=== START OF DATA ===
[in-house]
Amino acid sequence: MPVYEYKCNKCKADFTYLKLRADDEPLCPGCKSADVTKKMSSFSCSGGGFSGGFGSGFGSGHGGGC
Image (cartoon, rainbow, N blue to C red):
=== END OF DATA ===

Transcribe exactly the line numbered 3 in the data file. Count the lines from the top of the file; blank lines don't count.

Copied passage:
Image (cartoon, rainbow, N blue to C red):